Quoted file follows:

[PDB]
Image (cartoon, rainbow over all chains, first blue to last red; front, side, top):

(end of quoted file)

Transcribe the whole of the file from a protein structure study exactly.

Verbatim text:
[PDB]
Image (cartoon, rainbow over all chains, first blue to last red; front, side, top):